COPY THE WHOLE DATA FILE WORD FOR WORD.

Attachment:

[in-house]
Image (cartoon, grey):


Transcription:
[in-house]
Image (cartoon, grey):